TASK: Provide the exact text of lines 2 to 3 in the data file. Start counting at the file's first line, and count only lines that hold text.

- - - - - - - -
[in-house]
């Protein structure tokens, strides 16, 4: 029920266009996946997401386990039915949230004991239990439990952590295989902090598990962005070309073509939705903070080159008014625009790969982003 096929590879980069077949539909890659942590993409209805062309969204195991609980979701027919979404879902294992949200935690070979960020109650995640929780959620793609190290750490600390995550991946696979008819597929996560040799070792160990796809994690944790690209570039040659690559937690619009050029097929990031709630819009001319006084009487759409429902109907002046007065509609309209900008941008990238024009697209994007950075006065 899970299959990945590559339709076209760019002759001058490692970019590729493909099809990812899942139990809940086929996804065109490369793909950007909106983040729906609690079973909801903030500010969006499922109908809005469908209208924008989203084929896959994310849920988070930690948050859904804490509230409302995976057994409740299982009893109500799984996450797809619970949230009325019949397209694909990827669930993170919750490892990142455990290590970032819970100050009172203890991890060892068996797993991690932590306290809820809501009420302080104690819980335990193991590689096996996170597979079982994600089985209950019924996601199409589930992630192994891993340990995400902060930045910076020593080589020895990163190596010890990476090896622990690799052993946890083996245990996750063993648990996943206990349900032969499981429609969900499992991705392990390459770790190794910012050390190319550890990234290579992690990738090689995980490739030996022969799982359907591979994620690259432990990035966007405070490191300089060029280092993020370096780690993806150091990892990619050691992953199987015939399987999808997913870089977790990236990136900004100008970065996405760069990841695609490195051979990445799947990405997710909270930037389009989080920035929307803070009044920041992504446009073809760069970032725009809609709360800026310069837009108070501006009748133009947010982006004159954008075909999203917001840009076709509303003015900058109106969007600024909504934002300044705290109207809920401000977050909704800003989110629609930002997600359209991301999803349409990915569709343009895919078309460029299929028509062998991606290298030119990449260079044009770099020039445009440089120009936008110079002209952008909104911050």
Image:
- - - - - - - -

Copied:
């Protein structure tokens, strides 16, 4: 029920266009996946997401386990039915949230004991239990439990952590295989902090598990962005070309073509939705903070080159008014625009790969982003 096929590879980069077949539909890659942590993409209805062309969204195991609980979701027919979404879902294992949200935690070979960020109650995640929780959620793609190290750490600390995550991946696979008819597929996560040799070792160990796809994690944790690209570039040659690559937690619009050029097929990031709630819009001319006084009487759409429902109907002046007065509609309209900008941008990238024009697209994007950075006065 899970299959990945590559339709076209760019002759001058490692970019590729493909099809990812899942139990809940086929996804065109490369793909950007909106983040729906609690079973909801903030500010969006499922109908809005469908209208924008989203084929896959994310849920988070930690948050859904804490509230409302995976057994409740299982009893109500799984996450797809619970949230009325019949397209694909990827669930993170919750490892990142455990290590970032819970100050009172203890991890060892068996797993991690932590306290809820809501009420302080104690819980335990193991590689096996996170597979079982994600089985209950019924996601199409589930992630192994891993340990995400902060930045910076020593080589020895990163190596010890990476090896622990690799052993946890083996245990996750063993648990996943206990349900032969499981429609969900499992991705392990390459770790190794910012050390190319550890990234290579992690990738090689995980490739030996022969799982359907591979994620690259432990990035966007405070490191300089060029280092993020370096780690993806150091990892990619050691992953199987015939399987999808997913870089977790990236990136900004100008970065996405760069990841695609490195051979990445799947990405997710909270930037389009989080920035929307803070009044920041992504446009073809760069970032725009809609709360800026310069837009108070501006009748133009947010982006004159954008075909999203917001840009076709509303003015900058109106969007600024909504934002300044705290109207809920401000977050909704800003989110629609930002997600359209991301999803349409990915569709343009895919078309460029299929028509062998991606290298030119990449260079044009770099020039445009440089120009936008110079002209952008909104911050």
Image: